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28 states introduce new legislation on handling of aborted baby parts

One columnist compares burial ceremonies for unborn to 'funerals for menstrual periods'

28 states introduce new legislation on handling of aborted baby parts

At least 28 states introduced legislation to regulate the handling of aborted babies’ body parts in the past year after the Center for Medical Progress exposed Planned Parenthood’s baby parts operation. Some states have moved to ban the sale or donation of aborted baby parts, while others put forward legislation to require that their tiny bodies be cremated or buried.

Abortion activists are complaining that these new regulations add costs and administrative work for abortion clinics. However, their biggest problem appears to be that the regulations draw attention to the humanity of the unborn child.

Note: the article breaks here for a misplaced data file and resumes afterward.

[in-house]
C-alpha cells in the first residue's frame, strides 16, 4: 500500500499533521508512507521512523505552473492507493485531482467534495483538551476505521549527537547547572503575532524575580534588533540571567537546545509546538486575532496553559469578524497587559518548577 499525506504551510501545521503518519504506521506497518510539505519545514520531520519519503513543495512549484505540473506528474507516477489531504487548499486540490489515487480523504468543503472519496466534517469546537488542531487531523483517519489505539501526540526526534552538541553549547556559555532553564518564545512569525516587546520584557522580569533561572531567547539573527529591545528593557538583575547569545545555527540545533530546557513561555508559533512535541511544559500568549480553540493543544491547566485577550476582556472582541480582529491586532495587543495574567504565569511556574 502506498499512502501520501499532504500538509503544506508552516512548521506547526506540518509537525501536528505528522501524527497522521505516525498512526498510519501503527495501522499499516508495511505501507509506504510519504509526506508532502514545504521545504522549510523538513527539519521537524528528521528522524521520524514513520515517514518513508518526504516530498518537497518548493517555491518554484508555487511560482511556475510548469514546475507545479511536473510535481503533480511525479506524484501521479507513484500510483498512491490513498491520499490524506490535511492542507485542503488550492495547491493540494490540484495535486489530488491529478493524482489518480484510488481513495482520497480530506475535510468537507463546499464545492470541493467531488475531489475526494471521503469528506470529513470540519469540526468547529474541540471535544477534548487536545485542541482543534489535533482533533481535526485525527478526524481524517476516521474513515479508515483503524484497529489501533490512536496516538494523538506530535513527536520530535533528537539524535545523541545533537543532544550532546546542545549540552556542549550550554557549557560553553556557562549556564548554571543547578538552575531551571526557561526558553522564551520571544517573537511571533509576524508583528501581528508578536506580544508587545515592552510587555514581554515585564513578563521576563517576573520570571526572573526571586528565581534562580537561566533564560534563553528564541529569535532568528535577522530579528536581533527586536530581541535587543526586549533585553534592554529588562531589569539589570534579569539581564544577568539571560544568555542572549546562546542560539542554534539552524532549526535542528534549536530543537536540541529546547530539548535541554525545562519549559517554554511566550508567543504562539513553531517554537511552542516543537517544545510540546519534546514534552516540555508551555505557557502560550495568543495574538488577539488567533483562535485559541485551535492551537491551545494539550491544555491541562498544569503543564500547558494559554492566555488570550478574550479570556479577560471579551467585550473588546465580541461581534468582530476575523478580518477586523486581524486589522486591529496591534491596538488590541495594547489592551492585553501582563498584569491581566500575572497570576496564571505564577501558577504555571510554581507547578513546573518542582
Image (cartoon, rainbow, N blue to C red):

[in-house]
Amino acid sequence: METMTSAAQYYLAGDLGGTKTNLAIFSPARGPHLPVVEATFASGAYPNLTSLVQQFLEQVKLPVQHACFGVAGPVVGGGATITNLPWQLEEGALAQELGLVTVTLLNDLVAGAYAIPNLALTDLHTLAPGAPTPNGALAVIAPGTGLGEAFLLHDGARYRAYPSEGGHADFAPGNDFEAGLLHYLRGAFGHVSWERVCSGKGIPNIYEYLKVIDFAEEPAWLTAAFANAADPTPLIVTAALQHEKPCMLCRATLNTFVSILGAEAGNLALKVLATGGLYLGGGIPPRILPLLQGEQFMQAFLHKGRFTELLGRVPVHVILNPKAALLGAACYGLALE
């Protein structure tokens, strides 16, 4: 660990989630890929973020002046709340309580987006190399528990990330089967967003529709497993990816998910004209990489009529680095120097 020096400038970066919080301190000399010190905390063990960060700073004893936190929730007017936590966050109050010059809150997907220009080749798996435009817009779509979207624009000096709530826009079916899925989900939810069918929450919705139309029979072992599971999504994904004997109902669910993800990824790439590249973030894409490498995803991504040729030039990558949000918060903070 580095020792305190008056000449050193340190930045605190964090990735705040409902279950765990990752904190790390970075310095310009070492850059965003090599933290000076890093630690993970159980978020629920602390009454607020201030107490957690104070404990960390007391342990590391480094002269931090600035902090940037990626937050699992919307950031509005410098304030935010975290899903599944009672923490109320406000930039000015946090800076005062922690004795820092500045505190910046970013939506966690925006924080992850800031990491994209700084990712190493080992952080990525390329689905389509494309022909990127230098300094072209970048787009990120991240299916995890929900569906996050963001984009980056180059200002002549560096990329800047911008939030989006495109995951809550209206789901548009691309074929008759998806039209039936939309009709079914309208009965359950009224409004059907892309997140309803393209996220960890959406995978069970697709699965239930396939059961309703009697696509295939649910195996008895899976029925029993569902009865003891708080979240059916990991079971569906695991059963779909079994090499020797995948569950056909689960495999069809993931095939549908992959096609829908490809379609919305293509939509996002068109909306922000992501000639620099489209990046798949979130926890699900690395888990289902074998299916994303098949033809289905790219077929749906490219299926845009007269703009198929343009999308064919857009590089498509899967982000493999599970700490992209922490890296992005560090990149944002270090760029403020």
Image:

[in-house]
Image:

The Nation’s Rebecca Grant wrote a piece attacking the new legislative effort this week, claiming that politicians want to mandate “funerals for fetuses.”

“What’s next—funerals for menstrual periods?” Grant wrote later in the piece.

The legislation, modeled after Americans United for Life’s Unborn Infants Dignity Act, does not require anyone to hold a funeral. It recognizes that unborn babies should be treated with the same dignity as other human beings by requiring that their dead bodies be disposed of through cremation or burial. And that seems to be abortion activists’ key problem.

This article continues at [Life News] Abortion Activists Oppose Dignified Burials of Babies Killed in Abortions

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